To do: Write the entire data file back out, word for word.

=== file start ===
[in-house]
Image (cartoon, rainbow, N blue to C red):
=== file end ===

[in-house]
Image (cartoon, rainbow, N blue to C red):